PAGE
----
Provided by: libtest-compile-perl_2.2.2-1_all bug

NAME

       Test::Compile - Check whether Perl files compile correctly.

SYNOPSIS

           use Test::Compile;

           # The OO way (recommended)
           my $test = Test::Compile->new();
           $test->all_files_ok();
           $test->done_testing();

           # The procedural way (deprecated)
           use Test::Compile qw( all_pm_files_ok );
           all_pm_files_ok();

DESCRIPTION

       "Test::Compile" lets you check the whether your perl modules and scripts compile properly,
       and report its results in standard "Test::Simple" fashion.

       The basic usage - as shown above, will locate your perl files and test that they all
       compile.

       Module authors can (and probably should) include the following in a t/00-compile.t file
       and have "Test::Compile" automatically find and check all Perl files in a module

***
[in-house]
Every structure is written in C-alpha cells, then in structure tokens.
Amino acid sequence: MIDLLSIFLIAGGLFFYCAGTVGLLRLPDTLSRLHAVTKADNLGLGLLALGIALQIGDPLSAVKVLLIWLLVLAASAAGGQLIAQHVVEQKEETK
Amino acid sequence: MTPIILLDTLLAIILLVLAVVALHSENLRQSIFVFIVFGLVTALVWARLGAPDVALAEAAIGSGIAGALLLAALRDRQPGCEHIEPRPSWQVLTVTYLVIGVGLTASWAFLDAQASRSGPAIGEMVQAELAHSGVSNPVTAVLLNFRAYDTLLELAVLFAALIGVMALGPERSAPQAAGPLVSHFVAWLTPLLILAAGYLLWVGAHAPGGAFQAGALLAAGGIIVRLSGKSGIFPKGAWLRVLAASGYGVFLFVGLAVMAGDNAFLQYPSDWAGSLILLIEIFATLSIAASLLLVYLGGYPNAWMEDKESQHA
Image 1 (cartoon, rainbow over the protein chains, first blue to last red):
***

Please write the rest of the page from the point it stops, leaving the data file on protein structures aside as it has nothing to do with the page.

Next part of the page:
distribution:

           #!perl
           use strict;
           use warnings;
           use Test::Compile;
           my $test = Test::Compile->new();
           $test->all_files_ok();
           $test->done_testing();

METHODS

       "new()"
           A basic constructor, nothing special except that it returns a Test::Compile::Internal
           object.

       "all_files_ok(@dirs)"
           Checks all the perl files it can find for compilation errors.

           If @dirs is defined then it is taken as an array of directories to be searched for
           perl files, otherwise it searches some default locations - see "all_pm_files(@dirs)"
           and "all_pl_files(@dirs)".

       "all_pm_files(@dirs)"
           Returns a list of all the perl module files - that is any files ending in .pm in @dirs
           and in directories below. If @dirs is undefined, it searches blib if blib exists, or
           else lib.

           Skips any files in "CVS", ".svn", or ".git" directories.

           The order of the files returned is machine-dependent. If you want them sorted, you'll
           have to sort them yourself.

       "all_pl_files(@dirs)"
           Returns a list of all the perl script files - that is, any files in @dirs that either